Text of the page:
The battle of the bags

I have been seeing a lot recently about the relative merits of paper vs plastic. Having been alerted to the huge issues with plastic pollution, the general public seems to be convinced that wholesale conversion to paper or cardboard packaging is the answer. Purely from the perspective of end-of-life disposal, this is a perfectly logical switch because paper is biodegradable and plastic isn’t. But life isn’t really that simple, is it?

There are various studies which show that the carbon footprint of a plastic bag is way smaller than a paper bag, For example, a report published by the UK Environment Agency in 2011 examined a variety of types os shopping bags:

• a conventional, lightweight carrier made from high-density polyethylene (HDPE)

• a paper carrier;

• a “bag for life” made from low-density polyethylene (LDPE);

• a heavier more durable bag, often with stiffening inserts made from non woven polypropylene (PP); and

• a cotton bag

And here is a summary of some of their results:2019-06-23Source: Environment Agency (2011) Life cycle assessment of supermarket carrier bags: a review of the bags available in 2006

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Paper vs Cotton

As you can see, according to this data, you have to use a paper bag three times and a cotton bag 131 times for them to have the same ‘global warming potential’ as a ‘normal’ plastic carrier bag used just once. Of course, there are all sorts of complicating factors – if you make a cotton bag out of scraps rather than virgin fabric, then that’s an entirely different matter. Indeed, using waste fabric to make bags could probably be considered to have an overall positive impact on the environment rather than a negative one. But what this does show, is that paper bags may not be the a great solution, and it doesn’t begin to take into consideration what a polluting process paper production can be (you can read about the environmental impact of paper here).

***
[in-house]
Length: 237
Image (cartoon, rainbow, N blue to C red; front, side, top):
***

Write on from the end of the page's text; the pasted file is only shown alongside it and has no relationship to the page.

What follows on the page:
However, the data in the Environment Agency Report are a few years out of date and SNS (Nordic Forest Research) recently published a report outlining the climate benefits of forests. It turns out that actively growing young trees assimilate much more carbon than mature trees, so managed forests from which timber is extracted do more to reduce atmospheric carbon than old forests. There are other issues related to conservation and biodiversity, but the fact remains that it’s good to use wood.

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Plastic or not?

Some of the manufacturers, processors and producers who need to use some form of packaging do seem to be exploring different options. After all, there are all sorts of materials available and new technology is delivering various solutions with, apparently, better environmental credentials. For example, for a while now I’ve been buying my coffee from a small company that supports small producers and uses no plastic in their packaging. Last month, however, the coffee arrived not in a paper pack, but in something that looked like plastic. Why? Well, The Roasting House explained their change as follows:

Those of you who have ground coffee will have been receiving the Natureflex packaging for a while now but if you have whole bean it may come as a shock when you get the package so first of all I want to reassure you that it’s no plastic!

We use Natureflex for our ground coffee as it preserves the oils in the coffee and keeps it fresher. The whole bean coffee doesn’t lose freshness as quickly so we’ve sent it in paper for a while for you to transfer to your own air tight container. However we’re starting to move more towards using the Natureflex and less paper in our sister business Plastic Free Pantry. It provides a good air and moisture barrier and is less prone to breakages. But crucially it has a lower carbon impact than paper. The carbon impact of production for the unlined type of Natureflex that we use is lower than plastic, and the manufacturers then use off-setting to make it carbon neutral.

It is compostable in home conditions and will break down in soil and marine environments (although obviously don’t chuck it in the sea or litter it!). If you have a compost bin, it will break down in 12-16 weeks. Alternatively you can shred it and bury it in your garden. If you can’t compost it yourself, you can return it to us for refilling or composting.

So, it turns out that doing the right thing is complicated and that avoiding one problem (e.g. plastic pollution) can lead to another (e.g. carbon dioxide emissions). What we really need is institutional change in terms of reducing the use of ALL resources and I encourage you to lobby manufacturers, retailers and politicians to this end, but it’s also good to take personal responsibility, so reuse what you already have (whatever it’s made of) and REFUSE grocery/produce bags wherever possible.

 

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